It doesn’t matter if you have taken refuge in the Buddha, meditate regularly, have a spiritual guide or do some elaborate ritual practice, if you do not follow the five precepts you cannot, in all honesty, call yourself a Buddhist. I understand this statement will ruffle some feathers, but I strongly believe it to be so.

Buddhism is an inward journey and the start of the journey is trying to follow the precepts. The precepts are as follows:

  • Refrain from killing or causing others to kill.
  • Refrain from wrong speech, such as lying, speaking harsh words and gossiping.
  • Refrain from stealing.
  • Refrain from sexual misconduct. This means that you should not harm anyone with the sexual act.
  • Refrain from intoxicants and illegal drugs, as these cloud your judgement and may cause you to indulge in the previous four precepts

These precepts are not commandments, but a set of principles we should do our best to follow. When we follow them our minds become clear, still and calm, so we are able to sit in meditation with a peaceful mind. It is extremely difficult to sit meditating when are minds are riddled with guilt or disturbed by some unwholesome act we have committed.

Another thing the precepts do is to stop us from harming another being with our actions. If we refrain from lying, gossiping and using harsh words, we will not harm anyone with our speech. If we refrain from stealing, sexual misconduct and killing, we will not be harming anyone with our bodies, and if we refrain from taking mind-altering substances, our minds will be clear, and we will not do things to harm others. So, by following these precepts we are helping ourselves and others – a win-win situation.

It seems to me that the precepts are being overlooked or just seen as too basic to bother with. I am not just talking about practitioners here but also teachers. Many Rinpoches and spiritual teachers struggle to follow these precepts, even though they teach them. If the teacher can’t follow his own words, what chance has the practitioner got.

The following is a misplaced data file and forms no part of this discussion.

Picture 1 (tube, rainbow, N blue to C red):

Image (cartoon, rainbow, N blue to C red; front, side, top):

I understand that the precepts are not very sexy and many people prefer to do some medieval tantric practice, but you will never gain an end to your suffering if you kill, steal, lie and so on. So, the precepts are not basic, they are essential.

I would advise you to check your teachers very carefully. If they are not following the precepts I suggest you drop them like a hot potato, because you will never learn anything from them, and in fact, they will probably end up holding you back.

I would further suggest you recite the precepts in the morning before you get out of bed. It only takes 15 seconds to recite them and it will ensure you start the day in a positive way. During the day you can do a quick review session and see how you have done. If you have strayed away from a precept, note it and resolve not to do it again. Please do not beat yourself up if you have strayed a bit. Guilt is not a useful emotion. None of us are perfect and we all stray from the path from time to time. The more we keep the precepts in mind, the more they will become a habit.

You can read more blogs, listen to podcasts, watch videos and practice guided meditations on the Buddhism Guide app. Available from the Apple Store and Google Play.

If you would like to become a supporter of Buddhism Guides work, such as podcasts, blogs, videos and guided meditation practices, please visit here. You can support for as little as $2 a month.